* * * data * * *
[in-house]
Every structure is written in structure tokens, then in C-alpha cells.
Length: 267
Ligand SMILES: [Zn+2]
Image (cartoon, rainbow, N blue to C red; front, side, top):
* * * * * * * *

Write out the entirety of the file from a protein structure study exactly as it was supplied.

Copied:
[in-house]
Every structure is written in structure tokens, then in C-alpha cells.
Length: 267
Ligand SMILES: [Zn+2]
Image (cartoon, rainbow, N blue to C red; front, side, top):